People with endometriosis report high levels of stress. Living with the condition can cause stress, and experiencing stress can both trigger symptoms and make them worse.

Research shows that endometriosis and stress are interrelated.

In one study of people with endometriosis, 68% of participants reported living with mild or high levels of stress. While it can be difficult to disentangle cause and effect, animal studies suggest that stress can accelerate the development and growth of endometriosis lesions.

Animal studies have also recently demonstrated that stress increases the size and severity of the lesions as well as inflammatory parameters.

Stress can make pain worse, potentially intensifying a person’s endometriosis symptoms and affecting their quality of life.

Read on to learn more about the link between endometriosis and stress.

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People living with endometriosis report higher levels of stress than people without the condition. The relationship between stress and endometriosis, though, is a complicated one.

Endometriosis is a painful chronic condition that can affect fertility, quality of life, and a person’s ability to pursue hobbies and career goals. A person may need to take time off work or school because of their symptoms.

Consequently, people with endometriosis report higher levels of stress than average.

A 2020 study found that stress levels correlated with the endometriosis stage. For example, more advanced stages of the condition corresponded with higher levels of stress.

Animal studies suggest that in addition to causing high stress, the stress itself may worsen endometriosis.

In a 2016 study, for example, researchers induced endometriosis in rats and then exposed the rats to stress. The stress accelerated the development of endometriosis lesions.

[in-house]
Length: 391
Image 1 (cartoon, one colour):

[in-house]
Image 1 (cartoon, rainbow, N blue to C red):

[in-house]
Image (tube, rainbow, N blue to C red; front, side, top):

Another 2020 animal study found that inflammatory markers were higher in stressed rats and that this correlated with worsening endometriosis. It also found that inflammation in adipose (fat) tissue might play a role in the development of endometriosis.

However, researchers have also recently found that in addition to worsening the inflammatory markers of endometriosis, stress may have an impact on the size and severity of the lesions themselves.

The body and brain are not separate entities, and a person’s emotions affect their body.

Researchers still do not understand the precise mechanism that causes endometriosis to develop, but they think that inflammation and oxidative damage play a role. Stress can increase and accelerate both.

A 2020 review highlights how stress hormones can trigger a cascade of inflammation.

Endometriosis itself is stressful, with 68% of people with endometriosis reporting moderate or high stress levels. A 2018 meta-analysis also found a link between endometriosis and mental health, reporting higher levels of depression among people with endometriosis, especially when they also experience pelvic pain.

This increase in stress due to endometriosis symptoms may then further accelerate endometriosis. The cycle can make it difficult to disentangle whether endometriosis causes or results from stress.

Endometriosis flares vary from person to person. Anecdotally, many people report that lifestyle issues that increase inflammation — such as drinking too much alcohol or experiencing high levels of stress — may make symptoms worse.

Hormonal changes can affect endometriosis, too, since estrogen plays an important role.

People may experience worsening symptoms after going off of birth control or notice that their symptoms change during breastfeeding or throughout their reproductive years. Logging symptoms and potential triggers may help a person develop a personalized treatment plan.

Managing stress can make it easier to manage the pain of endometriosis. Some strategies that may help include:

  • working with a psychotherapist who has experience with chronic pain conditions
  • partnering with a doctor who has experience managing endometriosis symptoms
  • asking for accommodations at work or school
  • advocating for oneself

Giving a doctor detailed information about symptoms and medical history may help a person get better treatment. Some questions to ask include:

  • What are my options if I want to become pregnant?
  • How may lifestyle changes affect endometriosis?
  • What can we do if treatment is not working?
  • How long should I wait for treatment to work?
  • When should we consider surgery?
  • How severe is my endometriosis?

Living with endometriosis can be challenging. Stress may also intensify the severity of endometriosis flares, making the disease more difficult to manage and live with.

The right treatment can reduce pain and stress.

Psychological support is also important because it can help a person advocate for better treatment and learn to live with endometriosis.